Although the Somali government has stepped up operations against al-Shabab in the last couple days, its offensive has slowed since last year, said Weiss, a senior analyst with the Bridgeway Foundation, a nonprofit organization that seeks to end genocide. 

Now al-Shabab is trying to take the initiative, Weiss told Task & Purpose on Monday.

FILE: Security officers patrol near the destroyed Hayat Hotel after a deadly 30-hour siege by Al-Shabaab jihadists in Mogadishu on August 21, 2022. – (Photo by Hasan Ali Elmi/AFP via Getty Images)

That’s why al-Shabab launched its massive attack against the Ugandan base in Buulo Mareer, and why the group is targeting other bases that African Union forces have handed over to the Somalis, Weiss said.

The African Union Transition Mission in Somalia, or ATMIS is scheduled to complete its mission by the end of 2024. About 2,000 African Union troops left Somalia in June and another 3,000 are expected to depart by the end of September, Weiss said.

Political infighting among Somali government officials has delayed efforts to continue the offensive in the southern parts of the country, and the African Union withdrawal has provided al-Shabab with more targets of opportunity, Weiss said.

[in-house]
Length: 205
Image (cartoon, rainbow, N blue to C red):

The Somali government is preparing for the eventual end of the ATMIS mission by asking Turkey, Qatar, and the United Arab Emirates to help train more Somali troops, he said.

“Whether or not those additional troops will actually be able to do anything, I don’t know,” Weiss said. “The AU [African Union] does provide force multipliers that, for the most part, these allies are not going to be able to do. No one is going to deploy that many troops to Somalia. So, it all depends on how well these additional troops will actually be able to withstand the inevitable al-Shabab major offensive once the AU actually leaves.”

The security situation in Somalia is in danger of deteriorating after the last African Union troops leave the country, said Jocelyn Trainer, an expert on the Horn of Africa with the Center for a New American Security think tank in Washington, D.C.

Even with African Union forces in Somalia the country’s security situation has ebbed and flowed, with 2022 marking the deadliest year in Somalia since 2018, Trainer told Task & Purpose. Al-Shabab has consistently shown that it can adopt new tactics, such as using improvised explosive devices, and either win support from civilians or force them to submit.

“Somali security forces also face a growing presence of the Islamic State in Mogadishu, increasingly active clan militias—that have fluid loyalties—and tensions with Somaliland in addition to increased violence from al-Shabaab. The Horn is also becoming increasingly unstable at large, potentially contributing to increased tensions with neighbors, such as Ethiopia, and reduced resources and political will to enhance the security situation in Somalia. These factors contribute to an increasingly difficult security situation for the nascent Somali Army to tame.”